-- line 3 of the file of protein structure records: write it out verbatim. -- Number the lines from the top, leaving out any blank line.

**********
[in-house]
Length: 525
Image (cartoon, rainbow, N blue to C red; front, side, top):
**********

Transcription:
Image (cartoon, rainbow, N blue to C red; front, side, top):